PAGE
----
My late father, God rest his soul, used to say that you could feel the difference in the whole society at Christmas time. Even non-Christian world leaders used to make some sort of gesture of goodwill at Christmas time. They no longer do so. Could it be that they don't make such gestures because they know that Christmas has become unimportant?

It was universal. Christmas was the one holiday when people could be sure to be with their family. Of course, firemen, hospital nurses, police officers and other essential people worked. But for the most part things shut down. Not any more.

Here in the Washington, D.C. area, Safeway has announced that it will be open on Christmas day. Safeway employees who formerly enjoyed a day off at Christmas won't get to do so. That will, of course, put pressure on the competition. By next year all major food stores will, no doubt, also be open.

Radio stations which used to play genuine Christmas carols at this time of the year (there are two in the Washington, D.C. area which claim they play Christmas music 24 hours a day) no longer play "Silent night" or "Angels we have heard on high." Rather, it is winter music: Johnny Mathis, Perry Como, Bing Crosby, The Boston Pops. You get the picture. What little Christmas is left has nothing to do with Christ.

But the real shift has simply been the disappearance of the mention of Christmas. If I hear "Have a nice holiday" one more time I may just scream. If we majority Christians tolerate this, then we get what we deserve. When are we going to stand up and say to this militant minority, "You don't have the right to take Christmas from us."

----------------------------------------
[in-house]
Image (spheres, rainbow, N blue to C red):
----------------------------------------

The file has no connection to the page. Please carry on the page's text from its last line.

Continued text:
What is happening is because we have become tepid. We have been conditioned to think that if we insist on celebrating Christmas, other than perhaps in the inner sanctum of our own homes, we will be offending someone. Utter nonsense. If they are offended, it is their problem, not ours. In the current parlance we should just tell them "We're here. We are not going away. Neither is Christmas. Deal with it."

If Christmas disappears it will be because we let it happen. It isn't too late to reverse things. Start with little things. When merchants wish you a "Happy Holiday," tell them "I'd prefer if you would wish me a Merry Christmas."

If the ACLU tries to take Christmas carols out of your public schools, there are at least three public-interest law firms which will take your case at no charge. Likewise, if attempts are made to stop a religious display at City Hall or to prevent a religious float in a so-called Christmas parade, contact Jerry Falwell or Pat Robertson (each of whom has a public interest law operation) or the Rutherford Institute, and they will almost certainly help out.

Once those who hate God figure out that we are not going to roll over and play dead, they will find something else upon which to spend their time and resources. Don't you dare blame them for what is happening. Blame us. We have been much too tolerant. It is high time that we put Christ back into Christmas. Fifty years later that plea is far more relevant today than it was back then.

Paul M. Weyrich is Chariman and CEO of the Free Congress Foundation.


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Back when I was in grade school, my 6th grade class in 1954 made up hundreds of posters and we walked the streets asking merchants to display them saying "Put Christ back into Christmas." Even men I now realize were Jewish owners of clothing and department stores willingly...
Monday, 20 December 2004 12:00 AM